Quebec Act, 1774: Document

Selected text of the Quebec Act:
An Act for making more effectual Provision for the Government of the Province of Quebec in North America.

V. And, for the more perfect Security and Ease of the Minds of the Inhabitants of the said Province, it is hereby declared,

That his Majesty's Subjects, professing the religion of the Church of Rome, of and in the said Province of Quebec, may have, hold, and enjoy, the free Exercise of the Religion of the Church of Rome, subject to the King's Supremacy ... and that the Clergy of the said Church may hold, receive, and enjoy, their accustomed Dues and Rights, with respect to such Persons only as shall profess the said Religion.

VI. Provided, nevertheless, That it shall be lawful for His Majesty, His Heirs or Successors, to make such Provision out of the rest of the said accustomed Dues and Rights, for the Encouragement of the Protestant Religion, and for the Maintenance and Support of a Protestant Clergy within the said Province, as he or they shall, from Time to Time, think necessary and expedient.

VII. [Catholic office-holders are excused from taking the oath acknowledging the Queen's headship of the Church and are required instead to subscribe to the following oath]: ... "I, A.B., do sincerely promise and swear, That I will be faithful, and bear true Allegiance to His Majesty King George, and him will defend to the utmost of my Power, against all traiterous Conspiracies, and Attempts whatsoever, which shall be made against His Person, Crown and Dignity; and I will do my utmost Endeavour to disclose and make known to His Majesty, His Heirs and Successors, all Treasons, and traiterous Conspiracies, and Attempts, which I shall know to be against Him or any of Them; and all this I do swear without any Equivocation, mental Evasion, or secret Reservation, and renouncing all Pardons and Dispensations from any Power or Person whomsoever to the Contrary."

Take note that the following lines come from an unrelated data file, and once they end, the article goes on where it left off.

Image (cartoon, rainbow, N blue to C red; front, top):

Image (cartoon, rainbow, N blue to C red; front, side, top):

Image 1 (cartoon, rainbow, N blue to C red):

"So Help Me GOD."

VIII. And be it further enacted by the Authority aforesaid, That all His Majesty's Canadian Subjects, within the Province of Quebec, the religious Orders and Communities only excepted, may also hold and enjoy their Property and Possessions, together with all Customs and Usages relative thereto, and all other their Civil Rights, in as large, ample, and beneficial Manner, as if the said Proclamation, Commissions, Ordinances, and others Acts and Instruments had not been made, ... and that in all Matters of Controversy, relative to Property and Civil Rights, Resort shall be had to the Laws of Canada, as the Rule for the Decision of the same....

XI. And whereas the Certainty and Lenity of the Criminal Law of England, and the Benefits and Advantages resulting from the use of it, have been sensibly felt by the Inhabitants, from an Experience of more than Nine Years, during which it has been uniformly administered; be it therefore enacted by the Authority aforesaid, That the same shall continue to be administered, and shall be observed as Law in the Province of Quebec....

XII. ... And whereas it is at present inexpedient to call an Assembly; be it therefore enacted by the Authority aforesaid, That it shall and may be lawful for His Majesty, His Heirs and Successors ... and with the Advice of the Privy Council to constitute and appoint a Council for the Affairs of the Province of Quebec, to consist of such Persons resident there, not exceeding Twenty-three, nor less than Seventeen, as His Majesty, His Heirs and Successors, shall be pleased to appoint; ... which Council, so appointed and nominated, or the major Part thereof, shall have Power and Authority to make Ordinances for the Peace, Welfare, and good Government of the said Province, with the Consent of His Majesty's Governor....